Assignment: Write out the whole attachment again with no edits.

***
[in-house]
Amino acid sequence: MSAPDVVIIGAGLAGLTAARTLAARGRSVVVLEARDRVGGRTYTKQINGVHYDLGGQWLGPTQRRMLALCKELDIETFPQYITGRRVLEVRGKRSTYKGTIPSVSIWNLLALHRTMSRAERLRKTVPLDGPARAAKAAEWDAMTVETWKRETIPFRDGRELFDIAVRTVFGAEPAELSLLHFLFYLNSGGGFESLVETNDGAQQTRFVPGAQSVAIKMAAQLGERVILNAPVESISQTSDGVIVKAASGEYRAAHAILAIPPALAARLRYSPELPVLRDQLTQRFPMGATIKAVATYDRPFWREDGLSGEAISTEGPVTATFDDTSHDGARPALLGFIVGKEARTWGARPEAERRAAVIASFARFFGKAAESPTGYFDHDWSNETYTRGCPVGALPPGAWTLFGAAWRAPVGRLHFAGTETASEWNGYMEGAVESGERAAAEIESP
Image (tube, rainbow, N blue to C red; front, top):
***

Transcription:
[in-house]
Amino acid sequence: MSAPDVVIIGAGLAGLTAARTLAARGRSVVVLEARDRVGGRTYTKQINGVHYDLGGQWLGPTQRRMLALCKELDIETFPQYITGRRVLEVRGKRSTYKGTIPSVSIWNLLALHRTMSRAERLRKTVPLDGPARAAKAAEWDAMTVETWKRETIPFRDGRELFDIAVRTVFGAEPAELSLLHFLFYLNSGGGFESLVETNDGAQQTRFVPGAQSVAIKMAAQLGERVILNAPVESISQTSDGVIVKAASGEYRAAHAILAIPPALAARLRYSPELPVLRDQLTQRFPMGATIKAVATYDRPFWREDGLSGEAISTEGPVTATFDDTSHDGARPALLGFIVGKEARTWGARPEAERRAAVIASFARFFGKAAESPTGYFDHDWSNETYTRGCPVGALPPGAWTLFGAAWRAPVGRLHFAGTETASEWNGYMEGAVESGERAAAEIESP
Image (tube, rainbow, N blue to C red; front, top):